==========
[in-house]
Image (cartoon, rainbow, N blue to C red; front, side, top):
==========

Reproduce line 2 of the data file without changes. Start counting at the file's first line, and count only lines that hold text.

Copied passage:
Image (cartoon, rainbow, N blue to C red; front, side, top):